Contemporary organ composers offer a wide range of pieces that support the gentle, reflective nature of the communion service. The pool of resources is wide and deep; here are some works that have floated to the top. Lorenz has several simple offerings, including The Eucharist ((70-1777L) by James Southbridge and Continuous Communion Meditations (70-1363L) by Garrett Parker. The latter provides the convenience of suggested cuts and fills to meet the unpredictable timing problems we often face. Three well-known composers strayed from arranging hymns long enough to write some very lovely original pieces. Raymond Haan’s Three Lyric Pieces (Shawnee 350223439) have graced my services, both communion and memorial. Dale Wood has also written some beautiful, heartfelt works in Lyric Pieces (Sacred Music Press 70-1342) Woodworks on Original Themes (SMP 70-1100S). Gilbert Martin’s Organ Dedications (Hinshaw HMO156) provides some rich, longish pieces with lots of color. His Three Quiet Preludes from Beckenhorst Press (OC2) are simpler, with melodies as gorgeous as anybody’s. And finally, there is Contemplation: Gentle Music for Organ (Mayhew 1400250), which mixes original pieces with a few hymn tunes. If this is the kind of music that serves your congregation, my budget-friendly recommendation is that you go back through some of your old music looking for pieces that you might have overlooked.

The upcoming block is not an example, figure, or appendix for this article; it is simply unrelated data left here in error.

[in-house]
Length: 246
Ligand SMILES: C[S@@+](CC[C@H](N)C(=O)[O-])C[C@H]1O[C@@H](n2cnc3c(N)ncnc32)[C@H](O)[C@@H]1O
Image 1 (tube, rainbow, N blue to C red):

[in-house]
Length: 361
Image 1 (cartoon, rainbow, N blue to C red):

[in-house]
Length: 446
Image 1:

3. Communion hymn tunes